Forces at Work: Euro, Yen, Swiss franc

This is the first substantial upside correction in the euro in the better part of two months. The euro’s move above its 20-day moving average puts momentum traders on alert. While the next target comes in near $1.2300, given the extended positioning and the pace of the losses in recent weeks, a short-covering fueled recovery can exceed technical objectives.

There was talk at the end of last week of some leverage fund interest in short-dated euro calls, with 1-month $1.25 strikes seemingly popular. The recent news stream has encouraged the short-covering. The ECB promised to provide unlimited liquidity over the next three months and this has helped ease some strains in the money markets. At the end of last week, Moody’s offered a fairly optimistic assessment of European banks’ ability to cope with losses related to their holdings of peripheral euro zone bonds. China and India’s recent string of data gave hope that the global recovery was intact despite the volatility of the capital markets. The ECB revised its forecast for euro zone growth to 1.0% (from 0.8%) and the Bundesbank revised up German growth to 1.9% this year from 1.6%. Earlier today the CBI lifted its forecast for UK GDP this year to 1.3% from 1.0%.

Last month there had been concern that the key pillar of Europe, the Paris-Bonn axis was strained, but Sarkozy and Merkel showed greater signs of cooperation/coordination with the co-authored letter to the EU last week urging the expedited action on financial reform. Earlier today the euro zone reported better than expected April industrial production figures.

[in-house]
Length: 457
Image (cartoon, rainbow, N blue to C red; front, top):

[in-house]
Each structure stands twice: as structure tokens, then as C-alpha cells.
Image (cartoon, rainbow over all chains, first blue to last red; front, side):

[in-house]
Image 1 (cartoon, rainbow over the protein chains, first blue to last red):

The 0.8% rise in April industrial output compares with consensus expectations for a 0.5% increase and the March series was revised to show a 1.6% increase rather than 1.3%. This news stream has also seen the 3-month implied volatility of the euro ease below 14% (from above 16% a week ago) and is now at its lowest level since mid-May. The premium the market pays for three-month euro puts euro calls has fallen from almost 3.5% a week ago to about 2.3% today, the lowest since early May.

Japan is participating in the better news steam as well. Today it reported sentiment among its large manufacturers improved markedly, with a 10 reading on its index compared with 4.3 last quarter. Of particular note, they said they plan to boost capital expenditures by 9.7% in the current fiscal year. Last quarter they projected a 5.5% cut in capex. This report may help lift expectations for the next Tankan survey due out 1 July.

The BOJ’s two-day meeting concludes tomorrow. Of course, no change in rates is expected, but the market does anticipate more details about the new loan program. Local press reports suggest the facility may be capped at JPY2 trillion and will be aimed at lending for targeted purposes (environment, energy, medicine and technology. The dollar briefly poked through the JPY92 level, but the generally heavy US dollar tone seemed to discourage new buying above JPY92.10. To keep the tone constructive for the dollar, it needs to hold above JPY91.50.

The Swiss National Bank also meets this week—17 June. There is little doubt that it will keep its 3-month LIBOR target at 0.25%. Earlier today Switzerland reported a 0.3% rise in May producer prices. The year-over-year pace stood at 1.4% from 0.8% in April and expectations for an increase to 1.2%. There is some thought that the SNB may revise up its growth and inflation outlooks but without altering its declared QE/intervention stance.

The dollar has broken below the CHF1.14 level for the first time May 18th. The dollar’s 5-day moving average has crossed below the 20-day average for the first time since April 21st, further illustrating the dollar’s loss of upside momentum. A break of the CHF1.1330 area could see another 1-2 big figure decline. On the euro-franc cross the CHF1.40 level is a key overhead barrier.
Forces at Work: Euro, Yen, Swiss franc Forces at Work:  Euro, Yen, Swiss franc Reviewed by Marc Chandler on June 14, 2010 Rating: 5
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